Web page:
I have been framing the future of health care as diagnosis through face-to-face interactions for making a diagnosis (and getting the patient to buy-in to the treatment plan) and ongoing maintenance or surveillance using telemedicine with supporting technologies. This article has forced me to reconsider how we might deploy artificial intelligence to support patients and clinicians during the triage and diagnosis stages of a medical journey.
“Symptom checkers serve two main functions: they facilitate self-diagnosis and assist with self-triage. They typically provide the user with a list of potential diagnoses and a recommendation of how quickly they should seek care, like see a doctor right now vs. you can treat this at home. [..]
Our team once tested the performance of 23 symptom checkers using 45 clinical vignettes across a range of clinical severity. The results raised substantial concerns. On average, symptom checkers listed the correct diagnosis within the top three options just 51% of the time and advised seeking care two-thirds of the time.
When the same vignettes were given to physicians, they — reassuringly — did much better and were much more likely to list the correct diagnosis within the top three options (84%). Though physicians were better than symptom checkers, consistent with prior research, misdiagnosis was still common. [..]
We gave ChatGPT the same 45 vignettes previously tested with symptom checkers and physicians. It listed the correct diagnosis within the top three options in 39 of the 45 vignettes (87%, beating symptom checkers’ 51%) and provided appropriate triage recommendations for 30 vignettes (67%). Its performance in diagnosis already appears to be improving with updates. When we tested the same vignettes with an older version of ChatGPT, its accuracy was 82%. [..]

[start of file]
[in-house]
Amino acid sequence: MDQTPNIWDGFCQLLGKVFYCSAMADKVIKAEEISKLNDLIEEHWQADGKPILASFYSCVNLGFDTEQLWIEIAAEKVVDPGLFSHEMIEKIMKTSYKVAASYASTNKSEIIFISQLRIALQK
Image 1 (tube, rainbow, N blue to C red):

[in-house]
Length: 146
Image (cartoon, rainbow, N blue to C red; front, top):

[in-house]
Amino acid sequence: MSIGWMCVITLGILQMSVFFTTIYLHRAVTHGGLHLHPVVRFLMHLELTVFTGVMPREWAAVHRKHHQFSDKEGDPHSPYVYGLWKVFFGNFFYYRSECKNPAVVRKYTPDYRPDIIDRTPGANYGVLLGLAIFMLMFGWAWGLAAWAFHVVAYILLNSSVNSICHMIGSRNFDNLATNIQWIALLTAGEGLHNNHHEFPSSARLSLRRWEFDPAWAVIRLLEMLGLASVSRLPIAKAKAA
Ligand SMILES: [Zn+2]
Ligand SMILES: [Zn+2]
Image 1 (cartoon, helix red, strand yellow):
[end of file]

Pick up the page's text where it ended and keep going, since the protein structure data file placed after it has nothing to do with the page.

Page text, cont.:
Some caveats first: We tested a small sample, just 45 cases, and used the kind of clinical vignettes that are used to test medical students and residents, which may not reflect how the average person might describe their symptoms in the real world. So we are cautious about the generalizability of our results. In addition, we have noticed that ChatGPT’s results are sensitive to how information is presented and what questions are being asked. In other words, more rigorous testing is needed.
That said, our results show that ChatGPT’s performance is a substantial step forward from using Google search or online symptom checkers. Indeed, we are seeing a computer come close to the performance of physicians in terms of diagnosis, a critical milestone in the development of AI tools. ChatGPT is only the start. Google has recently announced its own AI chatbot and many other companies are likely to follow suit.
[..] AI tools could become a standard part of clinical care to reduce misdiagnosis, which unfortunately remains much too common in health care: An estimated 10% to 15% of diagnoses are wrong. There are many underlying reasons for misdiagnoses, ranging from physicians anchoring too quickly on a diagnosis to overconfidence. Tools like ChatGPT could be used as an adjunct, just as adjunctive AI tools are being used for other clinical applications. Radiologists who read CT images, for example, now use AI algorithms to flag those showing an intracranial hemorrhage or a blood clot in the lungs.
While this future is exciting, unknowns and pitfalls exist. A key one is how a patient’s history, physical exam findings, and test results would be fed into an algorithm in a clinic’s workflow. Another is that while AI algorithms are prone to errors — as are humans — people sometimes place undue trust in AI output. If a physician disagrees with the AI’s output, how will this affect patient and physician interactions, and will such disagreements need to be adjudicated?
AI models are also prone to bias. No matter what the size of the internet-based source material, it does not ensure that the AI will show diversity in the response it provides. Instead, it runs the risk of amplifying harmful biases and stereotypes that are embedded in the source material. The size of the material used for these algorithms may also make it difficult, or even impossible, to adapt to changing social views and clinical norms.
Despite these unknowns, it appears the future of computer-assisted diagnosis is suddenly here and the health care system will now need to respond and address these challenges.”
Full article, R Hailu, A Beam and A Mehrotra, STAT First Opinion, 2023.2.13